AMD Ryzen 9 3900X cross-platform benchmarking shows the Windows 10 scheduler finally catching up to that of Linux
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AMD initially denied any issues with the Windows scheduler during launch of the 1st gen Ryzens. However, the company said during the Ryzen 3rd gen launch that Windows 10 version 1903 brings in better topology awareness, improved thread scheduling, and faster clock ramping that should help better utilizing the MCM design of the new chips. Phoronix decided to compare the performance of the 12C/24T Ryzen 9 3900X in Windows 10 1903 and Ubuntu 18.04.2 LTS to see if things have really improved.
Phoronix's test bench comprised of an AMD Ryzen 9 3900X running at stock speeds on an Asus ROG Crosshair VIII Hero Wi-Fi motherboard, 2x 8 GB of DDR4-3600 RAM, a Corsair Force MP600 PCIe Gen4 SSD, and AMD Radeon RX 560 graphics.
We see that both the Windows 10 1903 and Ubuntu 18.04.2 LTS systems were showing very close performance figures in most benchmarks. While some of the tests such as SVT-AVI1, OpenMP-threaded image editing, and LLVM compilation seemed to favor Linux, other benchmarks such as 7-Zip and FLAC audio encoding showed a significantly narrowed performance gap with Windows 10 1903 showing good leads in FFmpeg tests.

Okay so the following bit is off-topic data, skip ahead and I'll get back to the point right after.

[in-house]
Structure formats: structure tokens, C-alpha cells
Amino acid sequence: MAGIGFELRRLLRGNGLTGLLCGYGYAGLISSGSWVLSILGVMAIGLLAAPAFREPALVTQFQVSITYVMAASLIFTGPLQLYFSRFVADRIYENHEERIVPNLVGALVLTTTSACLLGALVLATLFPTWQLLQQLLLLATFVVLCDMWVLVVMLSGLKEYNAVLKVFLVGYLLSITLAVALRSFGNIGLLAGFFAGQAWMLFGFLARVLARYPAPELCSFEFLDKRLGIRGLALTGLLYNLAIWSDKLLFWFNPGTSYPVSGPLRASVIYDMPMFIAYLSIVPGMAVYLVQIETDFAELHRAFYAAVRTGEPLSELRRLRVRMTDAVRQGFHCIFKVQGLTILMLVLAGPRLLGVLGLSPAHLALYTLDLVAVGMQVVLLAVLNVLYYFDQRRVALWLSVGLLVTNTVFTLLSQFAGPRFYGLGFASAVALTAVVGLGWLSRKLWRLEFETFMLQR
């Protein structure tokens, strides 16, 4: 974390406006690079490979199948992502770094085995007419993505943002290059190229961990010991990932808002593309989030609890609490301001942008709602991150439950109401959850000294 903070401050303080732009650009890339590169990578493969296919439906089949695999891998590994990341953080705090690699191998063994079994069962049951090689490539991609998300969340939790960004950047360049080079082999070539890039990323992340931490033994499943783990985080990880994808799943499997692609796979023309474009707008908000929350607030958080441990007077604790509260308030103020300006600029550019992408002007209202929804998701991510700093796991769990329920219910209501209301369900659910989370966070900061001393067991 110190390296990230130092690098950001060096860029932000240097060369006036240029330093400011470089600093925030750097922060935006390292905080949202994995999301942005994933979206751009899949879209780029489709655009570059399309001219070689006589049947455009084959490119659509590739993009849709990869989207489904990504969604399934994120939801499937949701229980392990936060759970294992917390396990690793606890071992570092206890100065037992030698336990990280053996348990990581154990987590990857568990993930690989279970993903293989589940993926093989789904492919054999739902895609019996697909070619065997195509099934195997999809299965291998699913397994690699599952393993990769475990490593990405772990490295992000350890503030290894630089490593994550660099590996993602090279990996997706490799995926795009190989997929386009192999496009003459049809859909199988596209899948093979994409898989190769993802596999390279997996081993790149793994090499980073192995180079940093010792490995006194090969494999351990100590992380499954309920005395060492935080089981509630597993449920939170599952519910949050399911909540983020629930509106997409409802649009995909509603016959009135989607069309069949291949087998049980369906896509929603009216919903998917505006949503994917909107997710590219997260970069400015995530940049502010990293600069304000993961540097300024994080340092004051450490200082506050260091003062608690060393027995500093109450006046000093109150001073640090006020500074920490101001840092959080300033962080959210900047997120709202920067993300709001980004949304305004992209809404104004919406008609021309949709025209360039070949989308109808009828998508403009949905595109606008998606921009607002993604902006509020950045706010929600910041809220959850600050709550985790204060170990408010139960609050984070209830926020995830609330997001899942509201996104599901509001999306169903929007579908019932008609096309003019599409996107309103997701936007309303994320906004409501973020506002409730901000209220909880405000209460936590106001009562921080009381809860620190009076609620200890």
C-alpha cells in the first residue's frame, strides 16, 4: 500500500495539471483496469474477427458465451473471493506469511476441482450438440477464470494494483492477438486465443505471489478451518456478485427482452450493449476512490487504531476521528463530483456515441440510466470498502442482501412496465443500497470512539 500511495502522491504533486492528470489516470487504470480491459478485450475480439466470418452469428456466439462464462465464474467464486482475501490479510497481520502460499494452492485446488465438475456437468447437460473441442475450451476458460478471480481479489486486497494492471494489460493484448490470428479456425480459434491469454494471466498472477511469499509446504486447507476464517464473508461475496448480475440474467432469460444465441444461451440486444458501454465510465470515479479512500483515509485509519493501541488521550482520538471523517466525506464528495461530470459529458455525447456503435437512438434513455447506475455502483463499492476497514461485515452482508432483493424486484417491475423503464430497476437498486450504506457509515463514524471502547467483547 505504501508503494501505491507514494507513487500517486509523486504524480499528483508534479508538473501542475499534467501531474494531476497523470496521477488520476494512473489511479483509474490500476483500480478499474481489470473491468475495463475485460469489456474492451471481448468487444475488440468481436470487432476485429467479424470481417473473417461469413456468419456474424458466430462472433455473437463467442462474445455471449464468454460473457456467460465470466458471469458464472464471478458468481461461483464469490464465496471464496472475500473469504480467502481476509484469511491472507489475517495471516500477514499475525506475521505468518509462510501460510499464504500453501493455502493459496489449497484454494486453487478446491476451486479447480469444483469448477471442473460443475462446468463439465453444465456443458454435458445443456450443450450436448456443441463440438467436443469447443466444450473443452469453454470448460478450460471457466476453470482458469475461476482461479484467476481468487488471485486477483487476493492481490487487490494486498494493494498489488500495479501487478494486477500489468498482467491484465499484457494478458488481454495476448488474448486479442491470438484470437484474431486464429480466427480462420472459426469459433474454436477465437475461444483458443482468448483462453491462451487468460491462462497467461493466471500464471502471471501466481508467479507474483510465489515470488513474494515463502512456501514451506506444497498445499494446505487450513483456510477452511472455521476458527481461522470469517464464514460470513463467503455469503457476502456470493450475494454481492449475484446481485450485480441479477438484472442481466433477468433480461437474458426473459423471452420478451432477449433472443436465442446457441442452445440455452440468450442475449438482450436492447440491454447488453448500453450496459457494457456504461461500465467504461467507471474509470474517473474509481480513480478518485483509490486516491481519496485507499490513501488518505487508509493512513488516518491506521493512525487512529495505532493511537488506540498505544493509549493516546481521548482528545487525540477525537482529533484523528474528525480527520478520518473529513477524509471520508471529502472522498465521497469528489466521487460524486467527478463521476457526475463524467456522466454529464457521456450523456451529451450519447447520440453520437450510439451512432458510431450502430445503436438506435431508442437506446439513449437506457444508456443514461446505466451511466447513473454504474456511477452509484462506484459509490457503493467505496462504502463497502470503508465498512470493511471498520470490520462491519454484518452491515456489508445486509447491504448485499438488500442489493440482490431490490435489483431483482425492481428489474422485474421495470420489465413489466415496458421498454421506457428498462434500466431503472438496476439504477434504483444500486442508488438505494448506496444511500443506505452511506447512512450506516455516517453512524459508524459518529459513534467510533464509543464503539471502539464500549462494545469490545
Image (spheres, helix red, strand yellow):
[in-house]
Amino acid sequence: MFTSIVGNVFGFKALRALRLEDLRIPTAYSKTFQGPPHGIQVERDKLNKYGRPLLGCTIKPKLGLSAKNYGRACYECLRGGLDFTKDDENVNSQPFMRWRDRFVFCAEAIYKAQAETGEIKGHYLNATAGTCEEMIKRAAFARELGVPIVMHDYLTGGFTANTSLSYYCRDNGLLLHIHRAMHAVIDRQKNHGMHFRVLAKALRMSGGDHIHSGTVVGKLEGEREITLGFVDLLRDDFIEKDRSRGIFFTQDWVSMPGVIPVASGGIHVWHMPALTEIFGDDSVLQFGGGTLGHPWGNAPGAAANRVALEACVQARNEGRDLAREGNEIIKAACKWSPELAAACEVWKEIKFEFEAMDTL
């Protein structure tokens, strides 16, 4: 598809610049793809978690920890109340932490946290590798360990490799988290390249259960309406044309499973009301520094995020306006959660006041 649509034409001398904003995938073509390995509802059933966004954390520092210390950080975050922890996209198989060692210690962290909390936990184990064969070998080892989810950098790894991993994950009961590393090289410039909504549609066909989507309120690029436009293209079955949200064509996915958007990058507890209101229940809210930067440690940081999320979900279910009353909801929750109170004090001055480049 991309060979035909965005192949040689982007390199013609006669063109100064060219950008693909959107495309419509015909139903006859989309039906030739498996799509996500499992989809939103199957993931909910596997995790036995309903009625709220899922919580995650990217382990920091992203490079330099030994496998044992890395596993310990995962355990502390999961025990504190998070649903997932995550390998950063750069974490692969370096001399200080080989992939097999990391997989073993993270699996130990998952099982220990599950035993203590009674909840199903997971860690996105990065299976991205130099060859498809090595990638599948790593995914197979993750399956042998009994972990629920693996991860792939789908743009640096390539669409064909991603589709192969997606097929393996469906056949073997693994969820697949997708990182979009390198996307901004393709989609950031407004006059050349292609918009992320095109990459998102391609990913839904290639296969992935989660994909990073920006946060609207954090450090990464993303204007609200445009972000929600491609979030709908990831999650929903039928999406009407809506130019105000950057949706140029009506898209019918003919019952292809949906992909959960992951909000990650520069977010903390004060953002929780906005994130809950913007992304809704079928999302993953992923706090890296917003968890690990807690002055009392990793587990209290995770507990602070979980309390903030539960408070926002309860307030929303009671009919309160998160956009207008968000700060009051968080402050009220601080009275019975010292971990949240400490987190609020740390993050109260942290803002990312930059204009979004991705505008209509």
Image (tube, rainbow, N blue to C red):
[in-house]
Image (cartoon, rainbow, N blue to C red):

IndigoBench, the test that spawned the whole scheduler debate, still seems to run faster on Linux as do other CPU-based rendering tests such as Blender 2.79. The gap is considerably narrow this time, though. Geekbench, too, seemed to favor Linux albeit by a small margin. Windows, however, managed to lead in browser benchmarks.
Overall, we see that Ubuntu managed an 8% lead over Windows 10 in CPU-based tests. The important takeaway from these results is that Windows 10 has finally managed to shrink the performance deficit by good measure when compared to Linux thanks to Ryzen-specific improvements in version 1903. It will be interesting to see how the upcoming Theadripper 3000-series with even higher core counts would fare in these tests.
Check out all the test scores in the Source link below.
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